Following on from the success of last year’s ‘Mission Impeccable’ push, Ted Baker is going one step further for its new Spring/Summer campaign.

With activity on Instagram Stories, in retail stores, and with the launch of a new kind of shoppable film – it’s another example of Ted Baker’s multichannel approach to marketing.

Here’s a closer look at the various aspects of the campaign and why I think it works.

New season narrative on Instagram Stories

One of the most interesting things about Ted Baker is how it takes the opportunity to completely refresh its brand creative with each passing season. This means that it is able to ramp up interest on social, teasing fans with sneak peeks and first looks of the latest collections.

This time, the campaign is centred around a comedy sitcom called ‘Keeping up with the Bakers’, featuring a fictional suburban family hiding a heap of secrets. 

Interestingly, the brand has chosen to use Instagram Stories to launch the sitcom in an episodic format, releasing daily content to capitalise on the platform’s storytelling element. It also worked with digital agency Poke to create this part of the campaign.

As well as hooking the audience into the narrative, this also offers users the chance to get involved and potentially win prizes, providing a real incentive to follow the story to the very end.

Interactive windows in-store

While it has fewer stores than other competitor retailers, this fact has allowed Ted Baker to experiment more with digital technology in its physical spaces (as well as concentrate on a digital-first approach across the board).

For its ‘Keeping up with the Bakers’ campaign, it has partnered with Nexus to create digital window displays in key Ted Baker stores in the UK. 

The windows include an interactive display that generates a photo and GIF when a passer-by places their hand on the glass screen. This focus on bringing the digital in-store is certainly something that sets the brand apart. While many other fashion retailers have also experimented with technology – such as Zara introducing self-checkout into its stores, for example – Ted Baker’s approach aims to be fun and creative rather than purely functional.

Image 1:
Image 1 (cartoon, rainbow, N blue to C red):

Granted, a shareable GIF is not necessarily ground-breaking, but in the context of a busy shopping location it cleverly drives footfall as well as sticks in the mind of consumers.

360-degree shoppable film

The final part of the campaign is a shoppable film – a tactic previously used by Ted Baker to increase shopper engagement and drive online purchases. However, unlike past examples, the brand has this time incorporated 360-degree technology to further immerse users into the Bakers' world.

Meanwhile, the brand has also added a VR-element, allowing viewers to use Google Cardboard to bring the story to life.

While the virtual reality aspect is entertaining, I think the chance to experience the shoppable video in 360-degrees is what truly elevates it to another level. Google suggests that 360-degree video typically results is a higher click through rate, as well as a greater amount of engagement in the form of social shares. 

It’s not difficult to see why Ted Baker has made use of the technology. With most fashion brands relying on traditional marketing, Ted Baker's innovative approach continues to make it one of the most interesting brands around.

Nikki Gilliland

Published 16 March, 2017 by Nikki Gilliland @ Econsultancy

Nikki is a Writer at Econsultancy. You can follow her on Twitter or connect via LinkedIn.

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